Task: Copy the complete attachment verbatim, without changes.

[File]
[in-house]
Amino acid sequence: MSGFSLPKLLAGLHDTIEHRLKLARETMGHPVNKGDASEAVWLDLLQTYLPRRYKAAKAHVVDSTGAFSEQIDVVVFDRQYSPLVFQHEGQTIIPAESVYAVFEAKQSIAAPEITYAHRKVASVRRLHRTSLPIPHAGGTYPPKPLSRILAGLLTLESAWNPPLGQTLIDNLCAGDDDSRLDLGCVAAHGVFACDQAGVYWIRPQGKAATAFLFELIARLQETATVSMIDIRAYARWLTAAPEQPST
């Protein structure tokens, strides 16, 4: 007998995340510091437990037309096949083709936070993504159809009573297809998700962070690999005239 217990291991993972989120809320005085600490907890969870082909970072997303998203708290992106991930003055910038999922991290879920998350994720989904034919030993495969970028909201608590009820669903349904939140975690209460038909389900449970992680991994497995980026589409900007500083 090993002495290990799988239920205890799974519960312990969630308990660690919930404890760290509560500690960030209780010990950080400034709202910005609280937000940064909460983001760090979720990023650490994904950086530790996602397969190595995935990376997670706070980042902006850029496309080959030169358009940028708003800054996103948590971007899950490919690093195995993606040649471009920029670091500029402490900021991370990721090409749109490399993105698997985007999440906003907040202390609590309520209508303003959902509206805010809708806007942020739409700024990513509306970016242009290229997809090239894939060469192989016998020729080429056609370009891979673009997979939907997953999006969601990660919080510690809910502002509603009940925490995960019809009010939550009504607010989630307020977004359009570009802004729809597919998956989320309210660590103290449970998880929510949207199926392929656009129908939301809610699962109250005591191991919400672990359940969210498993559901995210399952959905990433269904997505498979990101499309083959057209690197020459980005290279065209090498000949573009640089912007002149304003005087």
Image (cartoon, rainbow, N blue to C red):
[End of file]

[in-house]
Amino acid sequence: MSGFSLPKLLAGLHDTIEHRLKLARETMGHPVNKGDASEAVWLDLLQTYLPRRYKAAKAHVVDSTGAFSEQIDVVVFDRQYSPLVFQHEGQTIIPAESVYAVFEAKQSIAAPEITYAHRKVASVRRLHRTSLPIPHAGGTYPPKPLSRILAGLLTLESAWNPPLGQTLIDNLCAGDDDSRLDLGCVAAHGVFACDQAGVYWIRPQGKAATAFLFELIARLQETATVSMIDIRAYARWLTAAPEQPST
């Protein structure tokens, strides 16, 4: 007998995340510091437990037309096949083709936070993504159809009573297809998700962070690999005239 217990291991993972989120809320005085600490907890969870082909970072997303998203708290992106991930003055910038999922991290879920998350994720989904034919030993495969970028909201608590009820669903349904939140975690209460038909389900449970992680991994497995980026589409900007500083 090993002495290990799988239920205890799974519960312990969630308990660690919930404890760290509560500690960030209780010990950080400034709202910005609280937000940064909460983001760090979720990023650490994904950086530790996602397969190595995935990376997670706070980042902006850029496309080959030169358009940028708003800054996103948590971007899950490919690093195995993606040649471009920029670091500029402490900021991370990721090409749109490399993105698997985007999440906003907040202390609590309520209508303003959902509206805010809708806007942020739409700024990513509306970016242009290229997809090239894939060469192989016998020729080429056609370009891979673009997979939907997953999006969601990660919080510690809910502002509603009940925490995960019809009010939550009504607010989630307020977004359009570009802004729809597919998956989320309210660590103290449970998880929510949207199926392929656009129908939301809610699962109250005591191991919400672990359940969210498993559901995210399952959905990433269904997505498979990101499309083959057209690197020459980005290279065209090498000949573009640089912007002149304003005087």
Image (cartoon, rainbow, N blue to C red):